The vivid imagery and strong structure makes this piece overwhelmingly amazing. The lines 124-125, "I have heard the mermaid singing, each to each.”“I do not think they will sing to me” indicate that the rhythmic effect creates intense feelings of tragedy through the flow of words. The sonorous lines over-filled with imagery conveys T.S. Eliot’s message to the reader, through the main character Prufrock. A feeling of insecurity captures Prufrock’s mind when he fails to compel himself to speak this "overwhelming question". (Eliot, 10) He goes into the trance and cannot break out from it and fulfill his dreams. We come across a dramatic scene where Prufrock fails to enter his lover’s chamber just to express his feelings of love. This brings him into deep rejection, so he opts to give up life, love and happiness. This portrays Prufrock as if he is an insect who is being set up for itemization “sprawling on a pin”. He makes justifications for not doing what he came for instead of facing the situation and getting done with it. He is procrastinating in various parts of the poem to avoid the situation, for instance in the following lines, “there will be time, there will be time”, “to prepare a face to meet the faces that you meet” and so on. (Eliot, 26-27)
Eliot’s use of imagery and symbolism in the poem portrays a modern approach. The precise language style is easily comprehended by the reader. The main theme is analyzed by the imagery. The poem begins and it is evening time "When the evening is spread out against the sky” “Like a patient etherized upon a table;" this picture prepares the reader that something worse might happen later. Prufrock takes the reader from the sky towards the floor of the sea "Scuttling across the floors of silent seas' (Eliot, 74) where he is seen in extreme self pity and wants everyone to accompany him into where he lies in his pitiable state. He is using it as an escape for himself from the situation he is in.
Prufrock was under pressure of modern society, therefore he isolates himself from society and love hence becomes a victim of social pressure. The main theme of the poem is "Love". Here Prufrock evaluates his life as, "I have measured out my life with coffee spoons". (Eliot, 51) His life has no worth and he seems doubtful whether he is really in love as we find him ignoring this right through the poem. It could also be that he was too shy to express his love or he was in a state of complexity .This love song is one of Eliot’s best works of the century. The change in Prufrock’s character isolates him from the modern world. Eliot’s focus on Prufrock’s character is an anticipation of his forthcoming poems. The portrayal of this dejection and isolation is aesthetic.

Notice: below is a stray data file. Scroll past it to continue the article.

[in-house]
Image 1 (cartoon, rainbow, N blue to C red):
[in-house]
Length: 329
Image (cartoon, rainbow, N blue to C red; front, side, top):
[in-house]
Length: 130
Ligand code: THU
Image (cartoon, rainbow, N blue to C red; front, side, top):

The poem becomes an annoying experience for the reader, because of the promising commitment of Prufrock for sharing his feelings with his partner, with complexity and intimacy, however, in the end all changes. For instance in the words, “Let us go then, you and I” and then “Do I dare?” and “Do I dare?” Eliot’s use of rhyme scheme and style in this verse are indeed adamant, vital, and tend to be recurring in the different lines along with his consumption of alliterations. Moreover, the lines 35-36, “In the room the women come and go” “Talking of Michelangelo” are repeating showing that Prufrock was always found in the places surrounded by women who are talking about Michelangelo, a famous painter who has painted numerous versions of love portraits. This serves as distractions for Prufrock who is deviated from his thoughts about expressing his feelings of love to the lover.
Eliot’s use of alliterations and assonances in the poem make it substantial and classy. The language rules applied in the verse, the tempo, the restricted rhythm, the traits in the lines that indicate the conclusion of his piece----“Before the taking of a toast and tea” (Eliot, 34)--- they represent the formal expressions that the poem contains and are persuading even though the reader’s irritation is imitated by them. The fast tempo of the poem and the alternation of these verses and the broad gesticulation are yet unable to determine the reverberating finality that they appear to be promising. (Scobie)